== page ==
GREENWOOD, S.C.--(BUSINESS WIRE
)--Power management company Eaton today announced it has launched a new recycling program based out of its Emerald Road facility in Greenwood, South Carolina, that allows customers to responsibly dispose of aged, obsolete or damaged power capacitor units. The program includes onsite material pickup and supports any unit, regardless of age, original manufacturer or condition.
“At our site, we concentrate our efforts on several environmental variables within our direct control such as the materials we use, the efficiency of our equipment and the water and energy consumption at our plants,” said Gordon Pettersen, product manager, capacitors, Eaton. “Now we’re expanding our focus to include end-of-life management of equipment.”
The program was initiated after the team received customer interest in a recycling program, which aligns with Eaton’s broader effort to help its customers reach their sustainability goals. “It became very clear that this was something our customers were hungry for,” said Pettersen. “We started drilling down into what exactly customers wanted in a recycling service and received plenty of feedback around site pickup and the ability to recycle any unit. That’s how we designed our program.”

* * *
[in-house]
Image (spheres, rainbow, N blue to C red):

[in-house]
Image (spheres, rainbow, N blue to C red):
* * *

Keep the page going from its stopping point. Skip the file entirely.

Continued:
The capacitor unit recycling process will vary depending on the material, construction and age of the unit. Where applicable, recovery of capacitor dielectric fluid will be collected and introduced into re-refining operations to become an ingredient in oil-based products. Metals such as steel, stainless-steel, aluminum and internal wires will be sorted, shredded and melted and will undergo purification processes for future use in steel and non-ferrous goods manufacturing. And although some materials will be incinerated, this will only be used if the heat generated by incineration is collected and used to create more energy than was required for the incineration process.
This program is an example of how Eaton is driving the movement to a circular economy— one that is aimed at eliminating waste and making the best use of natural resources. It is also in alignment with www.eaton.com